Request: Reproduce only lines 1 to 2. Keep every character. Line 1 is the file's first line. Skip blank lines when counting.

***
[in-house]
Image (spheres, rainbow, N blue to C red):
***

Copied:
[in-house]
Image (spheres, rainbow, N blue to C red):